Poetry, translation

Bienaventuranzas

2 poems by Esau Cituk Andueza

 

Bienaventuranzas (Beatitudes)

 

They say of those who cut their veins
their bodies flow like a fountain of rubies

they are their own kingdom

 

 

Beatified, those who ingest ovedoses

of non-prescription pills:

they are inbetween good and evil

 

 

Happy are they who toast with the cup full of lethal acid nectar

Because they know the power of their decision

 

 

They say that those who jump into the abyss

and on the side are hoping for the sea or pavement

see God and the Devil

 

 

Beatified, those who kiss the revolver

and eat the fruit of the gun

because they know the balance between life and death

 

 

Happy are they who put around their neck

a noose, and leave their body suspended in the void:

they won’t be persecuted nor insulted

 

 

And no one will torture them, but their names

are written in the rock.

 

 

The Mix

 

My area is a mix of children begging for alms, a boy palid like the cloud selling roses in celophane; another, like a puppet sustained in a box of wood and offering nuts, sweets and cigarettes; a girl simulating a smile of copper when offering her chocolates for 5 pesos, but now they are knocked over; another, with a body of a wire that won’t mature into a woman selling artisan fans. All look with salt in their eyes and their voices rough like they’ve been forced sweets; walking resisting the impulse to run up to the park, where the doves have built the columns of stucco and yell: “Peace! Peace!,” “Live in the city of Peace!” And I can’t close my eyes when the innocence is caught about a bank of this park, I can’t open my mouth when I have to get on the road to travel, that many travelers call maturity and seriousness. But the road that left those children with their little hands extended, filthy from money, can’t jump behind. My area is a mix of ancients seeking alms.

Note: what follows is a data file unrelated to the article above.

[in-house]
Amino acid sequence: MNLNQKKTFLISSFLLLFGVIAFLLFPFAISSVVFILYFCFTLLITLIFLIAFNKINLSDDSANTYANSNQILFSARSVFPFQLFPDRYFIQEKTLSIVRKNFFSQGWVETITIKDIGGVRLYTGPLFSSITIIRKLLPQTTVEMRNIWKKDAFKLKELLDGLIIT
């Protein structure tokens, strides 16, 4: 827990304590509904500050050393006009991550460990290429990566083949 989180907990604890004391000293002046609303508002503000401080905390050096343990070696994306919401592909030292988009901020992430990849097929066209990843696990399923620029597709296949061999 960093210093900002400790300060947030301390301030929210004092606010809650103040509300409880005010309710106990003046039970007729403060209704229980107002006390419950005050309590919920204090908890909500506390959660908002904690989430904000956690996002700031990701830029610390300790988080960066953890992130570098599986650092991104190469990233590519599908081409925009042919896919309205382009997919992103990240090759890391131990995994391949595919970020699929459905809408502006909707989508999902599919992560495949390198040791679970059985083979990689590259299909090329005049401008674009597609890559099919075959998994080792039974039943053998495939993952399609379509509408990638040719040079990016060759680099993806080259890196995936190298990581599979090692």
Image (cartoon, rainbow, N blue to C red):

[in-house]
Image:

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Esau Cituk Andueza (Tixkokob, Yucatan, 1988). Poet and narrator. Graduate of the School of Writers of Yucatan Leopoldo Peniche Vallado. Author of the chapbook of poetry Without Calm (El Drenaje 2011). Honorable mention in the state course called Return to Gutenberg. Currently studing for licenture in Latin American literature in the Autonomous University of the Yucutan and the School of Literary Creation of the State Center of Belles Arts.

 

 

 

translated by Terin Tashi Miller
Author of KASHI, (Formerly self-published as “From Where The Rivers Come”), DOWN THE LOW ROAD, and SYMPATHY FOR THE DEVIL
www.terinmiller.com
Sympathy For The Devil by Terin Miller
* * * * * * * * * * * * * * *
WMIFA_Rejuvenate
Artist Nannette Guinto Amorado
Rejuvenate
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